In the hours following the icy gales of Storm Doris, I caught up with Lynne at Taunton’s most distinguished hotel, The Castle. This is the final instalment of our chat. You can read the others here.
You were and still are a campaigner against important issues such as Female Genital Mutilation (FGM), child abuse and violence against women. However, perhaps your greatest achievement is being the originator and architect of the equal marriage act, which was passed into law in 2013. No party had equal marriage in their 2010 manifestos nor was it part of the coalition agreement. Why did you take this issue on and why is it important to you?
When we entered into coalition, 20 ministerial posts had to be filled. After two days, I received a call from [the then deputy PM] Nick Clegg offering me the post of Equalities Minister. In fact, I ended up with three-quarters of me as a Home Office minister and one-quarter as Equalities Minister. So I’m a minister in the coalition, we have Liberal Democrats in government, and I’m thinking to myself ‘I’ve got to do something to make sure everyone knows that there are Liberals in this government’. It never crossed my mind that it wasn’t in the manifestos or portfolio because to me it was an obvious piece of equalities work that needed doing. Labour were great with civil partnerships, but I thought they were a kind of apartheid – one rule for gay people and one rule for straight people. My view is that you should have marriage and civil partnerships for both gay and straight, both for both. The state’s job is to facilitate that union, not to judge if one is good or one is bad.
We were all new Liberal Democrat ministers and didn’t have a clue what we were doing, so the Institute for Government put on a morning instruction for newbie Liberal ministers. They invited Michael Heseltine and Andrew Adonis to advise us. Heseltine said ‘you are going to be really busy. You do not understand the tsunami of work that will hit you when you become a minister. You will have debates, orals, speeches, correspondence and endless other things. Your diary will be full from morning to night. If you do not ruthlessly prioritise one or two things you want to get done in your time in the sun, you will not achieve it. You will be a very good minister doing very important things but you won’t have done anything you went into politics for’. Adonis encouraged us to trust our civil servants. He said it wasn’t like The Thick of It or Yes Minister, although, I have to say, I thought it was quite like Yes Minister! He told us ‘If you don’t direct your civil servants, they will fill your diary from first thing in the morning until midnight, all with very worthy things but you’ll just be executing what they want you to do. If you trust your civil servants, you have to direct them. They will go to the ends of the earth for you’. As I walked back from the Institute for Government to the Home Office, it just crystallised in my brain that I wanted to do same sex marriage because it was a piece of equalities legislation that needed doing. I came back into my office and said to one of my assistant private secretaries ‘I want to do same sex marriage, what do I do?’ That is literally how it started.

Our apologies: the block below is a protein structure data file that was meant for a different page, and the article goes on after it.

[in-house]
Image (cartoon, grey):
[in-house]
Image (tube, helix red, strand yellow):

If I hadn’t had that morning, we would not have same sex marriage. It’s really strange how things happen.
Can you explain the process? What did you have to do?
To get a new policy into government programme, the Secretary of State of the department that the policy emanates has to write round to all the other Secretaries of State, and every one of them has to agree it. That is how you introduce new policies. My assistant private secretary said ‘well Minister, you need to write some words, and we’ll take them to the then Home Secretary [Theresa May] for approval. If she approves, she will write round’.
My first effort wasn’t good enough, apparently. I remember sitting in the basement café at the House of Commons with my assistant private secretary, who said ‘you’ve got to make it stronger if you want to get it into legislation. In one sentence it has to take you from A to Z’. The words were something like ‘It has become clear to me that there is a genuine desire by those with an interest in these matters to move to same sex marriage and straight civil partnerships. We wish to move to legislation within this parliament’. The actual words are in my book. The wording went to Theresa May whose reputation was not great on matters LGBT, but I had sussed that she wanted to change her past. It took two or three days before the word came back that she was prepared to back me. She then conducted a write round to the cabinet ministers.
Any cabinet minister has a veto. Both Philip Hammond and Iain Duncan Smith vetoed. David Cameron overruled them because he, like Theresa, wanted to recast the Conservative Party away from their homophobic track record. Thus it began. Many things had to be sorted, but eventually it was made public at our party conference in 2011. After 18 months of working out all the parameters and, as it was my baby, Nick [Clegg] got agreement for me to announce it. There’s a lot of argy bargy that goes on about who will announce what at party conferences.
About two days before, Cameron’s special advisors rang mine. They said if I did not drop civil partnerships for straight people from the bill, it’s dead in the water. We argued back and forth for about six hours but he wasn’t budging, so I gave way. I thought ‘okay, same sex marriage is the important equalities step and I’m sure straight civil partnerships will follow at some point’. Unfortunately, I had to drop civil partnerships to get the same sex marriage bill through.
Do you know why Cameron objected to straight civil partnerships being included in the bill?
Yes I do. Cameron did not believe in living together and, as far as he was concerned, civil partnerships were living together. In the Conservative world, marriage is the gold standard and anything else is not appropriate.
In that case, why didn’t he repeal civil partnerships?
For 18 months arguments raged behind closed doors. The Tories said that if we have same sex marriage they want to get rid of civil partnerships altogether. My argument was that some people believe in marriage, some do not. We should facilitate both, whether you are gay or straight. When this didn’t work, I took to stomping around the Home Office saying ‘oh my God, you’re doing all of this to ingratiate yourself with the LGBT community after your hideous past, and if you abolish civil partnerships they will hate you again’. That worked!
But you still didn’t get straight civil partnerships though.